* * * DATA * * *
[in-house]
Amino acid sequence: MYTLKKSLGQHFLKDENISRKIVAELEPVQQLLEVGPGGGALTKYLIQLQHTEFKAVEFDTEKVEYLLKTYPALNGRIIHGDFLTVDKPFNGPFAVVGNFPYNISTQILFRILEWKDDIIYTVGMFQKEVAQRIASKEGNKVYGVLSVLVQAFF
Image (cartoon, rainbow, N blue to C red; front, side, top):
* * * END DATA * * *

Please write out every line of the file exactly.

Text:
[in-house]
Amino acid sequence: MYTLKKSLGQHFLKDENISRKIVAELEPVQQLLEVGPGGGALTKYLIQLQHTEFKAVEFDTEKVEYLLKTYPALNGRIIHGDFLTVDKPFNGPFAVVGNFPYNISTQILFRILEWKDDIIYTVGMFQKEVAQRIASKEGNKVYGVLSVLVQAFF
Image (cartoon, rainbow, N blue to C red; front, side, top):